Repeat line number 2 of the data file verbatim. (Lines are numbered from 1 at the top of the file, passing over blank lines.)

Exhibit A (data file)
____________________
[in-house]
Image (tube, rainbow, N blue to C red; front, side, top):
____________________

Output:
Image (tube, rainbow, N blue to C red; front, side, top):